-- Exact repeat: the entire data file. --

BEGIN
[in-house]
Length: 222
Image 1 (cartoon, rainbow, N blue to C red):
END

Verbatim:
[in-house]
Length: 222
Image 1 (cartoon, rainbow, N blue to C red):